Well, it’s official – Juan Pierre will be playing center field for the Cubs in 2006. I reported this deal as done back on November 23rd, and I rightfully caught plenty of flak for it. So I immediately dialed up Jim Hendry’s personal line and demanded that he deal two of five possible pitchers for Pierre so that I wouldn’t look bad. Hendry complied, threw in Sergio Mitre, and here we are. (I’m kidding, obviously).
I’ll discuss Sergio Mitre, Ricky Nolasco, and Renyel Pinto in a separate post. For now, I want to take a closer look at Juan Pierre and what he "brings to the table." Cubs fans seem thrilled with this acquisition, so I asked myself, "What exactly does Juan Pierre do well?"
Getting on base
Pierre boasts a .355 career OBP. In 2005, the average NL CF got on base at a .340 clip. So Pierre is a tick above average in that department despite all of the cool drag bunts and slap infield hits. Available CFs who got on base more frequently than 35% of the time last year include Jason Michaels, Kenny Lofton, and Johnny Damon. Brad Wilkerson can be expected to top .355 in 2006, and Milton Bradley will probably come close.
Baserunning and stealing
Well, once Pierre does get on, he’s a terror on the basepaths. Right? In 2005, Pierre was excellent at going from first to third, succeeding 43% of the time (surprisingly, that compares well to the rest of the league). On the other hand, he only succeeded going from second to home 38% of the time, which is a poor mark. It’s a small sample (21 attempts), but Chris Speier might want to consider throwing up the stop sign occasionally when Pierre comes his way.
Oh, but let’s not forget the steals. Man, does this guy steal bases. He’s averaged 52 steals in his five full seasons. Still, Pierre’s career success rate at stealing is just 74%. According to Joe Sheehan of Baseball Prospectus,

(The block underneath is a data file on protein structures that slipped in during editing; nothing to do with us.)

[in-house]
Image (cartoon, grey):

"If you’re stealing at less than a 75% success rate, you’re better off never going at all."
Hmmm. So you’re telling me Baker should never attempt a single stolen base with Pierre? Something tells me that’s not going to happen.
Ah, but with his blazing speed, Pierre surely is among the game’s top defenders. Er, not so much. Ever heard of Bill James’s Range Factor? It’s calculated by adding up putouts and assists, multiplying by nine, and dividing by the number of defensive innings played. Here’s how some regular CFs ranked in 2005 in Range Factor.
There’s our man, dead last in the game, well behind several freely available CFs. I could dig up some more defensive metrics to say the same thing; I won’t bore you with those here. He’s not a good fielder.
C’mon now, it’s Juan Pierre. He’s got less power than Neifi Perez.
Oh, that’s it. Juan Pierre shows up to work every day, doesn’t get hurt. I guess that’s worth something. It kind of reminds me of the blowoff classes I had in college where the teacher would make Attendance 10% of your grade.
Am I missing something? Juan Pierre is basically a more expensive Scott Podsednik without the defense. He should probably be a fourth outfielder on most teams. Color me unimpressed by this trade.